Give Back a Smile with Mark Willes
The patients would sit up after their veneers had been placed and just cry. For the first time in their lives, they feel like they have the confidence to smile, talk, and eat. That was my ‘why.’”
– Mark Willes
I had the pleasure of speaking with Mark Willes, a winner of the ACDS Outstanding Scientific Advancement in Cosmetic Dentistry award for his work with no-prep veneers. He donates his time to “Give Back a Smile,” a nonprofit whose mission is to assist rebuilding the smiles and lives of adults who have suffered dental injuries from domestic violence.
- How the desire to be at the forefront of innovation energized Mark in his work
- How seeing the impact of his work on other people’s lives motivated him
- Why Mark had to found a new company from scratch and what he learned from the experience
How the desire to be at the forefront of innovation energized Mark in his work
After a year and a half of practicing strictly insurance-based dentistry, Mark began to feel frustrated at the assembly-line cadence of making crowns without much personable care available. He felt there was more to offer.
“One of the big dental manufacturers came out with some new materials,” Mark says. “And it became the future of dentistry when they developed these materials—it was an all-ceramic material, not something that we were using much in the laboratory.”
Mark’s brother had the foresight to jump on the chance to adopt this new material, and he put Mark in charge of the department focused on learning how to use the ceramic. This commission also allowed Mark to learn from some of the top innovators in the field who were practicing techniques geared toward aesthetics as well as function.
“It was my opportunity to do something that hadn't been done before, especially in our company. I took it and ran with it,” he continues.
There was a massive cosmetic dentistry boom in the early 90s and 2000s, with training centers opening in Las Vegas and at the University of Pacific in San Francisco. Mark knew he wanted to be a part of these movements to learn more about the possibilities of dentistry. This motivation led to Mark pursuing the creation of his own sponsoring lab.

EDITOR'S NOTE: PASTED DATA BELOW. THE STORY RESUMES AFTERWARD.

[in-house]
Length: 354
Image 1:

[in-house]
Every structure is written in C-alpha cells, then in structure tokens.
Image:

How seeing the impact of his work on other people’s lives motivated him
One thing crafting countless crowns for featureless patients lacked was seeing the effect his work had on people's lives. He never got to see the real-life impact of what he was doing.
Getting a crown may not change someone's life all that much in the grand scheme of things, but with cosmetic dentistry, there’s an undeniable connection between receiving care and gaining confidence.
“The opportunity to be in the clinic with 30 or 40 patients at a time, and be able to go through the process with them, and how many of the patients would sit up after their veneers were placed and lose it, just cry, because, for the first time in their life, they felt like they had the confidence to smile and talk and eat. It's incredibly life-changing for a lot of people,” Mark shares.
Witnessing these transformations powers Mark’s “Why” in his work and why he continues to look for ways to deliver these life-changing procedures.
“I've seen it change 1000s of lives. And that, for me, was my ‘Why’ that gave me a path—I could see a path in my career and decided that that's what I wanted to do. I wanted to be a part of the process,” he continues.
His involvement with that program opened doors to train other dentists and expand his and his brother's practice.
Why Mark had to found a new company from scratch and what he learned from the experience
During some life-altering trials and hardships, Mark was made to part ways with his brother and their practice. This left him on his own to build another practice from scratch, without any of the people he had trained, bar one worker whom he was close with.
“I found a little hole in the wall laboratory and talked to the landlord, and he let us rent space from him,” Mark says. “The hard part was that in our [Mark and his brother’s] contract, legally, I couldn't talk to any of the previous employees.”
However, Mark was free to speak with any of the clients, seeing that they were almost all brought in by him during his time with the practice. This situation left Mark with a lot of work and not enough people to perform the work. He and his one employee worked around the clock to deliver the needed care.
“It was several years of 18-hour days, where I would, a lot of days, work until I couldn't work anymore, and then lay on the ground next to my desk and sleep for a few hours and then get back up and do it again,” he continues.
Today, Mark has a team of 14 that diligently delivers quality work. “When we did bring someone in, there was an additional workload of training people,” he shares. I mean, it just takes a lot of time to build systems and train people. You have to be willing to do whatever you have to do to get through it.”
Mark and his team also complete 3-4 cases per year for charity through the “Give Back a Smile,” program to spread the benefits of cosmetic dentistry to survivors of domestic violence and other hardships.
When was a time you pushed through hardship to do the work you were passionate about? What did you learn from persevering?